ducting.
The W.A.A. Board will meet on

_ E

Wednesday at 5:00 p.m. at the Wo-
men's Athletic Building.
Women interested in a trip through
the plant of the Ann Arbor News
and an introductory lecture on pho-
tography by Eck Stanger should meet
at the Ann Arbor News Building
Wednesday evening at 7:30.
This meeting is sponsored by Theta
Sigma Phi, Honorary Journalistic
Fraternity for Women, -as part of
their program for women writers.
Episcopal Students: There will be
a celebration of the Holy Commun-
ion at 7:30 a.m. Wednesday morning
in Bishop Williams Chapel, Harris
Hall. Breakfast will be served after
the service.

i

I

1111

U1

It's the Thrilfty
Thing to Do I
Buy your books at
the Book Exchange

This is the way to save money in buying this semester's books. At
the Book Exchange you will find most of the books you need
whether you're in Lit, school, Engine school, or any of the other
schools.
The Book Exchange will sell your books for you, too. And at the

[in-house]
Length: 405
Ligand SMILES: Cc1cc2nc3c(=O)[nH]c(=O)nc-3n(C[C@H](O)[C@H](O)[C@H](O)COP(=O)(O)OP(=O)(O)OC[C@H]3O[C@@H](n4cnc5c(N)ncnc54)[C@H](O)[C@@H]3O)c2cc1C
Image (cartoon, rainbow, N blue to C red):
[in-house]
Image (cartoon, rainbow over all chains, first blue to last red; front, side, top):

price you want. It's a double savings - by trading your books
at the Student Book Exchange, you get a real saving.
-Save by cutting out middleman profit.
OPEN Tuesday and Wednesday from 7 a.m. to 12 Midnight
STDENT BOOK* EXCHANGE

Anatomy Research Club will meet
on Wednesday, Feb. 11, at 4:30 p.m.
in Room 2501 East Medical Bldg.
Dr. Russell T. Woodburne will pre-
sent a paper entitled "Anatomical

Call 2-4431

UNION LOBBY

U

U

--

m

IN

* Second Semester Textbook Economy at FOLLETT'S

Every Book for Every Course -and Every
Used Book at a Saving. That is what makes

r